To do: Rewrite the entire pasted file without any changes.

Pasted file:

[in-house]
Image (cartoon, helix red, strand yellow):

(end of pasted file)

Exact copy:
[in-house]
Image (cartoon, helix red, strand yellow):